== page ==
The events at EDSA in February 1986 not only ousted a dictator, but also demonstrated to the world and to ourselves our great strengths as a people. At EDSA we saw courage, determination and strength of purpose; we saw unity and concern for one another; we saw deep faith in God; and even in the grimmest moments, there was some laughter and humor.

We were proud of ourselves at EDSA and we expected great changes after our moment of glory. Today, sometime after, we realize that most of our problems as a nation still remain. We may have ousted a dictator, but that was the easy part. The task of building a nation is so much more difficult.

Now, with EDSA only an inspiring memory, we are faced with our weaknesses. Self-interest and disregard for the common good rears its ugly head. We are confronted with our lack of discipline and rigor, our colonial mentality, and our emphasis on porma (form).
Despite our great display of people’s power, now we are passive once more, expecting our leaders to take all responsibility for solving our many problems.
The task of building our nation is an awesome one. There is need for economic recovery. There is need to re-establish democratic institutions and to achieve the goals of peace and genuine social justice.
Along with these goals, there is a need as well to build ourselves as a people. There is need to change structures and to change people.
Building a people means eliminating our weaknesses and developing our strengths; this starts with the analysis, understanding, and appreciation of these strengths and weaknesses. We must take a good look at ourselves–objectively with scientific detachment, but also emotionally (i.e., lovingly) and, when appropriate, with disgust.
We must view ourselves as might a lover viewing a loved one but also as might a judge capable of a harsh verdict. We must not be self-flagellating, but neither can we afford to be defensive.
We must change, and for this understanding ourselves is the first step.


Pakikipagkapwa-Tao (regard for others). Filipinos are open to others and feel one with others. We regard others with dignity and respect, and deal with them as fellow human beings.
Pakikipagkapwa-tao is manifested in a basic sense of justice and fairness, and in concern for others. It is demonstrated in the Filipino’s ability to empathize with others, in helpfulness and generosity in times of need (pakikiramay), in the practice of bayanihan or mutual assistance, and in the famous Filipino hospitality.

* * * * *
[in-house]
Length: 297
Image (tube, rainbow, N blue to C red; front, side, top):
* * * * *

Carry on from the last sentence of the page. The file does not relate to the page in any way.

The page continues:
Filipinos possess a sensitivity to people’s feelings or pakikiramdampagtitiwala or trust, and a sense of gratitude or utang-na-loob. Because of pakikipagkapwa-tao, Filipinos are very sensitive to the quality of interpersonal relationships and are very dependent on them: if our relationships are satisfactory, we are happy and secure.
Pakikipagkapwa-tao results in camaraderie and a feeling of closeness one to another. It helps promote unity as well a sense of social justice.
Family Orientation. Filipinos possess a genuine and deep love for the family, which includes not simply the spouses and children, parents, and siblings, but also grandparents, aunts, uncles, cousins, godparents, and other ceremonial relatives.
To the Filipino, one’s family is the source of personal identity, the source of emotional and material support, and the person’s main commitment and responsibility.
Concern for family is manifested in the honor and respect given to parents and elders, in the care given to children, the generosity towards kin in need, and in the great sacrifices one endures for the welfare of the family. This sense of family results in a feeling of belonging or rootedness and in a basic sense of security.
Joy and Humor. Filipinos have a cheerful and fun-loving approach to life and its ups and downs. There is a pleasant disposition, a sense of humor, and a propensity for happiness that contribute not only to the Filipino charm, but to the indomitability of the filipino spirit.
Laughing at ourselves and our trouble is an important coping mechanism. Often playful, sometimes cynical, sometimes disrespectful, we laugh at those we love and at those we hate, and make jokes about our fortune, good and bad.